There are several options available to you when you begin repaying your student loans. Federal student loans are much flexible; private student loans tend to be much more limited.
The best way to pay back your loans will depend on:
- The types of student loans you have,
- How much you owe, and
- Where you financially stand after you graduate.
However, even though there are various student loan repayment options, the best plan for you will likely be an income-driven repayment or standard repayment plan, depending on your goals. You can also decrease your payments with graduated and extended loan repayment plans. And it doesn’t rely on your income.
These plans provide small benefits compared to the IDR plan. But they may be logical if you earn a significant amount of money or want predictable payment amounts.
We will explore your current choices in this guide.
Closed School Discharge
If your college or university closed during or after your studies, you are entitled to a discharge. Students who have studied in places like Kaplan, Great Lakes, Everest College, and many other universities or colleges have the option of eliminating their student debt and may be entitled to a refund.
Choose Standard Repayment If You Want Less Interest
Do you want to pay less interest? If so, the best repayment option would be a standard repayment plan. On this repayment plan, you make equal payments every month for ten years.
If you can manage the standard repayment plan, you can reduce the interest. That can help you pay your loans quicker than you would on other federal repayment plans. If you want to enlist in this plan, all you need to do is enroll in repayment, and you would be automatically placed in the standard plan.
Income-Driven Repayment Is Suitable For Lower Student Loan Payments
The federal government offers four IDR plans: REPAYE, PAYE, IBR plan, and ICR plan. We recommend these options if your monthly income is so low to afford the standard repayment.
If you’re not employed or underemployed, your payments every month can be $0 and can change every year.
With IDR, you can extend your student loan term to 20 or 25 years. If you complete that term, the federal government will forgive any remaining loan balance. However, you’ll pay taxes for the amount forgiven.
But before you change your repayment plans, put your information into the U.S. Department of Education’s Loan Simulator. That will help you know what you’ll owe for each plan. Any option that lowers your monthly payments will likely end in you paying more interest.
How To Apply For The Income-Driven Repayment Plan
If you want to apply for income-driven repayment, contact your student loan servicer or visit studentaid.gov. You can select the plan you want or choose the repayment plan with the lowest payment.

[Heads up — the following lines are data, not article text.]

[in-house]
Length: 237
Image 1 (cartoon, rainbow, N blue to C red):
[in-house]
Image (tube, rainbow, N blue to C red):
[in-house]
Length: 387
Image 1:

In most cases, it’s best to take the lowest payment. However, you may want to analyze your alternatives if your tax filing status is married filing together.
Income-Driven Repayment Is Ideal If You Qualify For Loan Forgiveness
A federal program called the Public Service Loan Forgiveness (PSLF) is available to government and particular non-profit employees. If you qualify, the federal government could forgive your remaining student loan balance tax-free after making 120 qualifying loan payments.
You can qualify for PSLF if only your payments are under an IDR plan or standard repayment plan. If you want to benefit from the program, you need to ensure you make the 120 payments on an income-driven plan.
With the standard repayment plan, you would clear off the student loan before it’s eligible for loan forgiveness. You can enroll in the IDR plan with your servicer or studentaid.gov.
Private Student Loans Repayment Options
Private student loans usually have fewer repayment options. These are:
With this option, repay only the interest on your student loans while in school. You then start the principal and interest payments when you graduate or fall below half-time enrollment.
You start paying the principal plus the interest right after your student loan is disbursed.
With this option, you make no payments while in school. You start making principal and interest payments within a specific period after you leave school.
You may qualify for forbearance or deferment depending on your loan services if you can’t maintain your regular loan payments. However, these options usually require economic hardship, and not every loan lender offers these options.
If you have private student loans, we recommend you check to see the cost of the various repayment options in interest over the loan life.
Refinance Your Private Student Loans
You can also consider refinancing your private student loans if you can get a lower interest rate. With a low interest rate, you can save money on interest during your repayment. Refinancing relies heavily on credit scores, so if you don’t have a good credit score, you may need a cosigner with good credit.
Lastly, if you’re struggling to make payments, quickly contact your loan servicer and see what they can do about it.
If you have student debts, take considerable time to go over your repayment options. Ideally, it would be best if you did this before you graduate to know which repayment plan to go with. If you’re facing challenges, we advise you get a financial expert’s opinion before you make a decision.